(This isn't to say the technique is wrong though, I use it myself.)

Original quote from Arnold Rothstein (Boardwalk Empire)


To me, the main effect here is that you have an excuse to stop thinking about the other options. There has been a ceremonial decision making process, and because of it your mind can rest. It's the same as writing your choices down on strips of paper and pulling one out of a hat. That process, that ceremony, gives you piece of mind, not "what you actually want to do".

This is more an exploitation of the human brain's tendency to romanticize chance than an actual method of decision making. If your decision is so arbitrary that the outcome of a coin toss will mentally satisfy you then you've already made your decision; it's both, just pick one. Theres no magical insight into your soul going on here just whatever you thought of while the coin was in the air. If you had tossed the coin at a different time in the day, or perhaps right after seeing an ad for KFC maybe your 1 second decision would have been different.

When I'm walking and I reach a crossroad where my 2 available options are very close in terms of distance, I usually avoid coming to a halt at all and just start running in one arbitrary direction.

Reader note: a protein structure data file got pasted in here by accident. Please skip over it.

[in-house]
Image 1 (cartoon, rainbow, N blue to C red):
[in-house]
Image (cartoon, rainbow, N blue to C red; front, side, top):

Even if my chosen path ends up being slighly longer in distance, the small amount of time gained by this quick process usually makes up for it.

It is a big mistake to ignore the result! This method only reveals its true power when you fully commit to the result.

The Chinese practiced this a long time ago - called it 'I Ching'. 'Ching' is the sound the coins make when they hit the table ;)

Freakonomics are doing a study/website on this idea (Minus the option to pull out if you realise what you really want)


I read Tom Perkins (the VC) write once, "The more difficult the decision, the less it matters what you choose."

Another reason to toss a coin is when facing an arbitrary choice. Rather than making an informed or uninformed decision on something that doesn't even matter (and thus wasting your allotment of daily decisions before reaching decision fatigue), just toss a coin.

I mostly do this when I don't know what I want to eat in a restaurant. Find two things that look remotely okay, toss a coin.